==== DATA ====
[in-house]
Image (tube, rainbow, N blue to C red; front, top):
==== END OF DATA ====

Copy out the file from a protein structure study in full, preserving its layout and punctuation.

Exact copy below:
[in-house]
Image (tube, rainbow, N blue to C red; front, top):